I’ll now repeat the same process for the other arm real quick.

Select it from the Body group, place the Origin, add the Rotate animator, and I’ll set the keyframes exactly the way I did it before.

Let’s take another look, great!

I just want to make a little adjustment to the Body animation. I’ll select the Position keyframe where it moves down, and I’ll drag it a little bit more.

I’ll keep the keyframe selected, and move the playhead to the 4th keyframe, and hit Command D to duplicate.

Step 5 - Animating the coffee

We’re almost done. The last to animate is the coffee, here, behind the Body.

I’ll use the Rotate animator, and set the first keyframe with a rotation of 15 degrees.

Then at the 0.6 second I’ll go with -15 degrees, to have the coffee element rotate in the opposite direction.

And of course, 15 degrees again for the 3rd keyframe.

Let’s not forget the Drop. It should have the Origin point placed on the center top of the Body, exactly like the Coffee element’s origin.

With the playhead at 0.6, I’ll freely rotate it on the other side, just above the splash, here.

Now I just need to copy the first keyframe at the end.

Let’s take a look at it. Great! We can consider the animation done at this point.

Step 6 - Adding finishing touches

But before exporting it, I would like to do some fine tuning for the timing.

First, I’ll hide the grid and ruler from the stage, from this button, here.

Now I’ll drag the timeline end at 1.2 seconds, right where all my last keyframes are.

Let’s hit play from the beginning.

What I wanna do is to add some easings and create a little delay here, for the coffee drop. I’ll grab the timeline from here, and extend it a little so I can see more of my keyframes.

And by holding down the scroll wheel on my mouse, I’m using the hand tool which allows me to pan into the stage.

Now let’s scroll down to the Rotate animation keyframes of the body, and select them all.

I’ll set an easing for the rotation of the body. To do so, I must go here, on the easing options. From the easing presets list, I’m choosing “Ease In Out Sine”.

And it will apply to all the keyframes that have been selected.

Actually, I’ll use the same easing for all the Position keyframes as well.

Next, I’ll select the animations from the arms and legs, just like this. Go back to the Easing panel, and add the same easing for all of them at once.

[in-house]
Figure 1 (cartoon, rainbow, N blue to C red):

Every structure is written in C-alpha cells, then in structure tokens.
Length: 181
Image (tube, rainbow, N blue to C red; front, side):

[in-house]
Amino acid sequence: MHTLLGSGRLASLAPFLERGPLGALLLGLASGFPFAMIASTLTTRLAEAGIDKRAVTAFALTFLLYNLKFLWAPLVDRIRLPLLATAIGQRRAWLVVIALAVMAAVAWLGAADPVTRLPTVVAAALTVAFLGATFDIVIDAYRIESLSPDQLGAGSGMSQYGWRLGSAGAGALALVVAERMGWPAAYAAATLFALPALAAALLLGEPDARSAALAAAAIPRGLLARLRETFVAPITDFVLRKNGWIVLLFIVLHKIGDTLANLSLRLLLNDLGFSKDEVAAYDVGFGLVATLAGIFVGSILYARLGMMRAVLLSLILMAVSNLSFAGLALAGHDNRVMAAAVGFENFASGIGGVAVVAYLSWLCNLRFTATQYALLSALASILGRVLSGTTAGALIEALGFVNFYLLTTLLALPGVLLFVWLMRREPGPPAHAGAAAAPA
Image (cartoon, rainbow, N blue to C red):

Now the last two elements, the coffee and the Drop. I’ll select the keyframes from both of them, and this time I’ll choose a different easing function. I’ll go with “Ease in Out Cubic”.

You can see how this function has a different curve, which you can customize by adjusting the bezier handles, and create a new custom easing function. For now, it is good enough as it is, so I won’t edit it.

Let’s take another look. And finally, I’ll make the last adjustment: I’ll add a little delay for the coffee sloshing inside the cup, which now is perfectly synchronized with the cup’s motion.

I’ll select all the keyframes for the Coffee and the Drop again, and drag them two milliseconds to the right.

Now let’s see how it looks. I think it’s way better now, that all these 6 keyframes have a different timing than all the other ones.

Now I have to set the new ending keyframes. For that I just need to click on the “Add Keyframe” button, here. And also for the Drop element.

In order to have a seamless looping animation, I have to duplicate the last keyframes, those which I dragged away, at the beginning of the animation.

Select the keyframe to be copied, and press control, or command D, at second 0.

Let’s hit Play.

And there it is. Our animation looks good, and it’s ready to be exported.

Step 7 - Exporting the animation

I’ll go to the Export button here, and choose SVG.

From the export settings panel I’ll go to Iterations, and choose “Infinite”.

Then scroll down a little to the Canvas Color options, and check “Include in export”.

To see the changes I’ve made, I need to click here, on the Refresh preview button.

And here’s our animation of a dancing coffee-cup character! I’ll just have to click export, and we’re all done!

The animation is instantly downloaded. I’ll find it in my Downloads folder as a single animated SVG file.

Let’s see how it looks if I open it in the browser. I’ll open it in Google Chrome.

It runs nice and smooth, on an infinite loop.  And because it is an SVG, it can be scaled indefinitely without losing any quality.

I hope you enjoyed this tutorial and had a nice learning experience!

Still have questions? Send us an email to contact@svgator.com and we will get back to you as soon as we can!